Chris Morrison, at GAM Investments, says political turmoil has not helped Britain’s image with investors. He says: ‘Historically the UK and London’s greatest strength was that it was considered a very stable place that you could rely on. We need to get back to that.’
There are measures Government can take, such as encouraging pension funds to invest more in the UK by changing rules on capital. Reforms to boardroom governance might also make London look more attractive to entrepreneurs.
But much of the solution, say experts like Austin, comes down to a change of culture and attitude.
As Amanda Blanc, the boss of insurance powerhouse Aviva, said last week, the UK finance sector needs to ‘stop talking itself down’.
Business leaders who do believe in Britain have begun to fight back. Steve Hare, head of FTSE 100 software group Sage, says: ‘We back Britain 100 per cent. We have incredible skills and talent here.’
Team GB also boasts Simon Peckham, boss of engineering group Melrose, who is floating GKN’s automotive arm in London, having considered and ruled out the US.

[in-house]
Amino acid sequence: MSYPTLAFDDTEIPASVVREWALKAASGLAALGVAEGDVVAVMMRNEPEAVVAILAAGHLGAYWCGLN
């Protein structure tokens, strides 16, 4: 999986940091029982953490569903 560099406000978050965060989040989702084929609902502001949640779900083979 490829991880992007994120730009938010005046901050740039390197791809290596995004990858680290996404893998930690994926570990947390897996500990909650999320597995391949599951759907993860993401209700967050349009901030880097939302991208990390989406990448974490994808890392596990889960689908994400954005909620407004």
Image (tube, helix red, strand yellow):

‘We’re a UK company, why wouldn’t we float in the UK?’ he says. ‘I know there is a downer on the UK market at the moment but it will come through. We’ve been here since 2003 and have had support for every deal we’ve ever done.’
Mark Mullen, boss of challenger lender Atom Bank, feels the same, saying: ‘Atom is a UK business serving UK customers. It’s logical we would look to list in the UK.
‘I think it would be unfortunate to see businesses choose to not list in the UK when they’ve grown their success in this country.’
Letting foreign cash plug the gap is risky
The retreat of British financial institutions from investing in UK commerce and industry has been a disaster. In the late 1990s, our pension funds and insurance companies owned more than half of UK equities. Now it is roughly 5 per cent. Instead, foreign investors have come in and now own more than half the market.